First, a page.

Atomic Nuclei: Many-Body Open Quantum Systems
The physics of Open Quantum Systems has attracted a lot of attention in many fields of physics. In atomic nuclei, the "openness" of the system manifests itself by the coupling to the many-body continuum representing various decay, scattering, and reaction channels. Due to the presence of particle thresholds, atomic nuclei form a network of correlated fermionic systems interconnected via reaction channels.
The space of states that are unbound to particle emission may have significant impact on spectroscopic properties of nuclei. Moving towards the drip lines, the coupling to the particle continuum becomes systematically more important, eventually playing a dominant role in determining structure. Theories of such nuclei need to take these additional ingredients and effects into account.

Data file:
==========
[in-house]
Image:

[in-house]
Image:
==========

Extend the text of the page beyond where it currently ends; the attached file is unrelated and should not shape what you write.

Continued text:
Many aspects of nuclei at the limits of the nuclear landscape, such as those related to the proximity of reaction channels, are generic and are currently explored in other open systems: molecules in strong external fields, quantum dots and wires and other solid-state microdevices, crystals in laser fields, and microwave cavities. Radioactive nuclear beam experimentation will answer crucial questions pertaining to all open quantum systems: What are their properties around the lowest energies where the reactions become energetically allowed (reaction thresholds)? What is the origin of states in which nuclei resemble groupings of nucleons into well-defined clusters, especially those of astrophysical importance? What should be the most important steps in developing the theory that will treat nuclear structure and reactions consistently? This presentation will address some of the research challenges pertaining to the interplay between nuclear openness, shell structure, and many-body correlations.
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